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Exp Ther Med. 2011 Sep;2(5):873-878. Epub 2011 Jun 30.

Enhancement of the efficacy of mitomycin C-mediated apoptosis in human colon cancer cells with RNAi-based thioredoxin reductase 1 deficiency.

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1
Department of Life Science, Dongguk University-Seoul, Seoul 100-715, Republic of Korea.

Abstract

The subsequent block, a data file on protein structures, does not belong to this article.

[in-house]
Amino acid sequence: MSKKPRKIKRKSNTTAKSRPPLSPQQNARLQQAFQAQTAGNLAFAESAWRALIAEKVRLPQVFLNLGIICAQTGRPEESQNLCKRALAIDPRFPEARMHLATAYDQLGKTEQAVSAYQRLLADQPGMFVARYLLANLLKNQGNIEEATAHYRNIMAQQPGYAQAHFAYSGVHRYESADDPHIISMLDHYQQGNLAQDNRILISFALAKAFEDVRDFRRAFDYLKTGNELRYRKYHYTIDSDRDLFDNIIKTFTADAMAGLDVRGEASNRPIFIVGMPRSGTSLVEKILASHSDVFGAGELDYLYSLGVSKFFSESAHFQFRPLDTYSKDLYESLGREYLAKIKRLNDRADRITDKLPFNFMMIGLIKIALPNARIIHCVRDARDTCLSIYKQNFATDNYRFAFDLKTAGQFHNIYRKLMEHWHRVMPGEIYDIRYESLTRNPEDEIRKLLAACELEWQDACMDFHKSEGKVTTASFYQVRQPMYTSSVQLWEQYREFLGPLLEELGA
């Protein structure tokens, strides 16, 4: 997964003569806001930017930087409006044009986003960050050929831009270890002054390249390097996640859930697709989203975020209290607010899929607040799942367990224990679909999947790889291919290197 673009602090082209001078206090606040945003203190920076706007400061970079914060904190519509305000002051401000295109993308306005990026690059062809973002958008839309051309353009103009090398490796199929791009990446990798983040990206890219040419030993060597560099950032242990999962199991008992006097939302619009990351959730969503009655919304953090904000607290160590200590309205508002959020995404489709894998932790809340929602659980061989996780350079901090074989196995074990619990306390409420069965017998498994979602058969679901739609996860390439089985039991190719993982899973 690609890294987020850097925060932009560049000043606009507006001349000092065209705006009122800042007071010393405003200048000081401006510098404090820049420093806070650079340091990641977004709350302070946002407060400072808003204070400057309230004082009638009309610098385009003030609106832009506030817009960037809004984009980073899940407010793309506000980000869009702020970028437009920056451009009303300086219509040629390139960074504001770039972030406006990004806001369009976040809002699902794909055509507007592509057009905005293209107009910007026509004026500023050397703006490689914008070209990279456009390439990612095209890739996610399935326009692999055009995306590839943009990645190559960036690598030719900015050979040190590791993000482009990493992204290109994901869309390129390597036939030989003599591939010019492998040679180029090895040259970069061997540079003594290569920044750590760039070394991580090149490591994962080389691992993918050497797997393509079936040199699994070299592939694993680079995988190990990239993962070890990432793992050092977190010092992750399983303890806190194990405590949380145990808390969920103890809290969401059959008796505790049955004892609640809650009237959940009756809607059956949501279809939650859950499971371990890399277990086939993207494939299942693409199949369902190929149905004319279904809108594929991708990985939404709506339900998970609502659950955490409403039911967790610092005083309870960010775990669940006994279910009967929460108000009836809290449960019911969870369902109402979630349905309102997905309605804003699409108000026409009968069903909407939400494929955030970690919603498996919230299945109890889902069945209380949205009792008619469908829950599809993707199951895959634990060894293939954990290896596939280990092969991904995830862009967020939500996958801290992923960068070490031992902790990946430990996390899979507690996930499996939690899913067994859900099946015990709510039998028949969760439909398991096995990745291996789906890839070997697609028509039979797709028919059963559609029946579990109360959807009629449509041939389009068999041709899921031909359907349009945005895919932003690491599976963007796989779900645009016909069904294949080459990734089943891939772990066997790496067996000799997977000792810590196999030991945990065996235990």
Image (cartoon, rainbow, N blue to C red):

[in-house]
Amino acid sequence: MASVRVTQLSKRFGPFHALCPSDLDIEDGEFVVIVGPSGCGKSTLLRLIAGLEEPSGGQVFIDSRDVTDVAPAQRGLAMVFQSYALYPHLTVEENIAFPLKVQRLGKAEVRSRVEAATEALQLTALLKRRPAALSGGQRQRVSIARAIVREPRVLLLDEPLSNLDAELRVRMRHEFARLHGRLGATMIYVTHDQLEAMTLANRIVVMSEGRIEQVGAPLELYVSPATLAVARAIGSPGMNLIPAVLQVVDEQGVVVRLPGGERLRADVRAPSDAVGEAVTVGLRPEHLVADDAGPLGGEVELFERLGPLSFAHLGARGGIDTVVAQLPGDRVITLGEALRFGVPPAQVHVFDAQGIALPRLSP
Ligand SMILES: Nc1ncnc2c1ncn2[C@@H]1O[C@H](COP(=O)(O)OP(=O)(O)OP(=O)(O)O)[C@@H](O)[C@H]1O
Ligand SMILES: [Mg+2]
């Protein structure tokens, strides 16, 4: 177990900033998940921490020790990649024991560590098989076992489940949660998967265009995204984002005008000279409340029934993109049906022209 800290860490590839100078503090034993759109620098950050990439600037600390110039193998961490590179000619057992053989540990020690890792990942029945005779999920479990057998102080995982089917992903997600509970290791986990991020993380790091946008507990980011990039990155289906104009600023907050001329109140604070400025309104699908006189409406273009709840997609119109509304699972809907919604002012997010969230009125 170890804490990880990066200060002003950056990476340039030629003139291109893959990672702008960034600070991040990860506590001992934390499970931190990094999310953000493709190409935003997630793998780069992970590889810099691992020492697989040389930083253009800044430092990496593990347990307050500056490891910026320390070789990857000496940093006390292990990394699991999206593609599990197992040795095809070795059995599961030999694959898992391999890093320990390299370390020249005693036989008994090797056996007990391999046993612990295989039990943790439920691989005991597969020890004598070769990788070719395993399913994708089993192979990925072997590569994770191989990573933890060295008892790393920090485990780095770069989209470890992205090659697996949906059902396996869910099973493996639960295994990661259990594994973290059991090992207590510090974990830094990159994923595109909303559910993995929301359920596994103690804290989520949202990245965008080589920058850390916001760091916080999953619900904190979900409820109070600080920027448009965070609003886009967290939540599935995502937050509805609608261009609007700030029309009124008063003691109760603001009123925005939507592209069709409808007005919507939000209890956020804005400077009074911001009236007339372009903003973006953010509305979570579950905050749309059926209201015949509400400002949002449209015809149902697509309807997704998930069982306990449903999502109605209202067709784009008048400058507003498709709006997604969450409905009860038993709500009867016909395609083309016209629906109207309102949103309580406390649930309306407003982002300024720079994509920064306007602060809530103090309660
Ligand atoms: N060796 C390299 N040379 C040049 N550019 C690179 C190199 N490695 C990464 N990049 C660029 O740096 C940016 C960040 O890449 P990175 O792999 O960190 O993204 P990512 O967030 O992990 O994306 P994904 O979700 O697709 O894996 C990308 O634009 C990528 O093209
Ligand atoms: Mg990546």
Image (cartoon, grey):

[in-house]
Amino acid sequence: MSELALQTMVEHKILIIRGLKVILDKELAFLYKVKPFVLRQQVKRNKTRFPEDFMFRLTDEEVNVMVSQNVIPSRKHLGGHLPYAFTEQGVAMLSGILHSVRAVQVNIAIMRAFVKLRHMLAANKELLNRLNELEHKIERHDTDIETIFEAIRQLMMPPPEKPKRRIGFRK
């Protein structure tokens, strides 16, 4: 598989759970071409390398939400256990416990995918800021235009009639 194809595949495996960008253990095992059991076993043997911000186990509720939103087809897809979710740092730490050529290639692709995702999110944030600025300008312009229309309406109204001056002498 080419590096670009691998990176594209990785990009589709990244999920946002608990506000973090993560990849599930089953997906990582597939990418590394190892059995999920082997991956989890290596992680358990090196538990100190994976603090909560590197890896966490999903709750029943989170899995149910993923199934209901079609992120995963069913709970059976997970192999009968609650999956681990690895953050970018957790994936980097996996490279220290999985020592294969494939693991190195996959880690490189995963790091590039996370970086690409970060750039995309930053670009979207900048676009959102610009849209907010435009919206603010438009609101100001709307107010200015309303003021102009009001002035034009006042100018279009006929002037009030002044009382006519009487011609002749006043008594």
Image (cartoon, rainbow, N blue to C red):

Thioredoxin reductase 1 (Trr1) is an antioxidant and redox regulator that functions in governing the cellular redox state and survival against oxidative insults in mammals. However, this selenoprotein is also overexpressed in various forms of malignant cancers, leading to the hypothesis that Trr1 may be a potential target for cancer therapy. A quinone anti-cancer drug, mitomycin C (MMC), has been clinically used in the treatment of several types of tumors, including those of the colon. MMC exerts its activity via ROS induction and further results in DNA cross-linkage. To evaluate the significant role of Trr1 in MMC resistance in human colon cancer (RKO) cells, specific reduction in the expression of Trr1 was achieved using short-hairpin RNA (shRNA)-based interference. Our results showed that stable Trr1 shRNA knockdown manifested higher cellular susceptibility to MMC in comparison to that in wild-type cells. In addition, increased intracellular ROS accumulation appeared in the Trr1 shRNA knockdown cells compared to the RKO wild-type cells, in proportion to a relatively higher fraction of the DNA damage reporter protein phosphorylated histone 'γ-H2AX'. Notably, a neutral comet assay demonstrated that DNA double-strand breaks were highly induced in the Trr1-deficient cancer cells in the presence of MMC, presumably stimulating cancer cell death. Our results also revealed that MMC-induced apoptosis was associated with enhancement of oxidative damage to DNA. These results suggest that the specific knockdown of Trr1 expression via shRNA vector interference technology may be a potent molecular strategy by which to enhance the effectiveness of MMC-mediated killing in human colon cancer cells, through acceleration of double-strand DNA damage-oxidative stress as a trigger for apoptosis. This implies that Trr1 may be a prime target for enhancing the effectiveness of MMC chemotherapy in combination with specific RNA interference.

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